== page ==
Pedicabs still enjoy a certain level of popularity in Southeast Asian countries. It's not that they have risen in popularity out of concern for the environment, but rather that the traditional human-powered taxis have survived to this day as a means of transportation for the local people.
It is interesting to note that the shape of the bicycle taxi differs from country to country. In Vietnam and Cambodia, pedicabs, known as cyclo, have a seat in front of the handlebars. In India, Nepal, and Bangladesh, the passenger seat is behind the cyclist and is called a cycle rickshaw, while the same is called a samlor in Thailand. In Myanmar, there is a seat like a sidecar next to the cyclist and it is called Saiq-ka.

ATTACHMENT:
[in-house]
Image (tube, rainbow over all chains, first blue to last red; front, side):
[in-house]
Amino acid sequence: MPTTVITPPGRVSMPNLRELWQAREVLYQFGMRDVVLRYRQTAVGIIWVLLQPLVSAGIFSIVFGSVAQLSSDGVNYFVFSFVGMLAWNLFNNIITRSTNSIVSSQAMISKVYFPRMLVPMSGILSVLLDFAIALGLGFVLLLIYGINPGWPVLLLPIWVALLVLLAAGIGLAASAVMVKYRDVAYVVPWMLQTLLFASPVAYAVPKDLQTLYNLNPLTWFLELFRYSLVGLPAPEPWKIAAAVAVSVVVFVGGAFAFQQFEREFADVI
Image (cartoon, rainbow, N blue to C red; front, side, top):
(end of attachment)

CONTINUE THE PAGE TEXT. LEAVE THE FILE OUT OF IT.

In Jakarta, Indonesia, it was a cyclo-type pedicab with a seat in front of the handlebars. This is the pedicab shown in this photo. This kind of pedicab is called "becak" in Indonesia. The word "becak" is said to be derived from the Fujian word for "carriage". In the former French colonies of Cambodia and Vietnam, the word "Cyclo" is said to be derived from the French word for bicycles, so I thought here in Jakarta the word "becak" may be derived from the Dutch word for bicycles. Yet it was not the truth. I wondered if many overseas Chinese people were engaged in the becak business in Jakarta.
|Nov 2020 INDONESIA VEHICLE|
|BECAK CYCLE RICKSHAW JAKARTA UMBRELLA|
November 11, 2020
November 10, 2021
SONY ALPHA 7R II
ZEISS BATIS 2/40 CF